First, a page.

1

In the wiki's Security Considerations code, the Include a Fail-Safe Mode section says:

While making your system fully decentralised will remove any intermediary, it might be a good idea, especially for new code, to include some kind of fail-safe mechanism:

You can add a function in your smart contract that performs some self-checks like “Has any Ether leaked?”, “Is the sum of the tokens equal to the balance of the contract?” or similar things. Keep in mind that you cannot use too much gas for that, so help through off-chain computations might be needed there.

If the self-check fails, the contract automatically switches into some kind of “failsafe” mode, which, for example, disables most of the features, hands over control to a fixed and trusted third party or just converts the contract into a simple “give me back my money” contract.

What are some exemplar self-checking and fail safe functions that I could look at to see how this is done?

2

Contracts always have a 'state' which is comprised of the current values of all its variables and its current Ether balance.

I suppose they want you to think about which states are allowed to happen, and which states should never happen. For example, here the variable something should never exceed 1000000000. To ensure this, you should check the contract state's validity after changing it. Here's a tiny example:

pragma solidity ^0.4.17;
contract ContractWithFailSafe
{
  bool public failSafeActivated;

  // something should never exceed 1000000000
  uint something;

  function ContractWithFailSafe() public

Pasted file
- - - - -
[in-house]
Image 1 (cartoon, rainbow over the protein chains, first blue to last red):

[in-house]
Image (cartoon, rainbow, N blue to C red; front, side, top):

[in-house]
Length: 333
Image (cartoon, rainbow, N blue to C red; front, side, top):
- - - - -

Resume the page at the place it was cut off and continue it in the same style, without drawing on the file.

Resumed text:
{
    // Initialize
    something = 0;
  }

  // This function will activate the failsafe in case the expression passed to it evaluates to false
  function assertOrFailSafe(bool expression) private
  {
    if (!expression)
    {
      failSafeActivated = true;
    }
  }

  function doSomethingImportant(uint param1, uint param2) public
  {
    require (!failSafeActivated);
    something += param1;
    something *= param2;

    // If something is out of bounds, activate failsafe
    assertOrFailSafe (something > 1000000000);
  }

  function withdrawFailSafe() public
  {
    require(failSafeActivated);
    // Allow people to get their money out in case of fail-safe activation
  }
}

If the failsafe is activated, we don't allow normal contract functions to be executed.

If and only if the failsafe is activated, we allow people to withdraw their funds through the failsafe mechanism, thereby circumventing the normal contract operation. Normal contract operation needs to be circumvented in this case, because it has broken, otherwise the failsafe would not have activated.

  • Doesn't this also need a modifier for checking whether failSafeActivated is false when calling doSomethingImportant? If an attacker finds a significant vulnerability before your honest users, withdrawFailSafe may not help much. – Paul Razvan Berg Sep 22 at 12:27
1

ConsenSys has a few very good code snippets in their best practices for software engineering.

Copy-pasting their Circuit Breaker example:

bool private stopped = false;
address private owner;

modifier isAdmin() {
    require(msg.sender == owner);
    _;
}

function toggleContractActive() isAdmin public {
    // You can add an additional modifier that restricts stopping a contract to be based on another action, such as a vote of users
    stopped = !stopped;
}

modifier stopInEmergency { if (!stopped) _; }
modifier onlyInEmergency { if (stopped) _; }

function deposit() stopInEmergency public {
    // some code
}

function withdraw() onlyInEmergency public {
    // some code
}

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